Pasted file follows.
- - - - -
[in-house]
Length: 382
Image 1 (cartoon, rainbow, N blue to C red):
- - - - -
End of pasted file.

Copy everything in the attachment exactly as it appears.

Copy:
[in-house]
Length: 382
Image 1 (cartoon, rainbow, N blue to C red):